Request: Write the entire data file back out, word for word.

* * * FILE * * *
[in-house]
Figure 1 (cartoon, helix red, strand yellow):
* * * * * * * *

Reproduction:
[in-house]
Figure 1 (cartoon, helix red, strand yellow):